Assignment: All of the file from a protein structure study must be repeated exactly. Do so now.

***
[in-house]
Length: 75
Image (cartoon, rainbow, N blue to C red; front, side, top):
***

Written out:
[in-house]
Length: 75
Image (cartoon, rainbow, N blue to C red; front, side, top):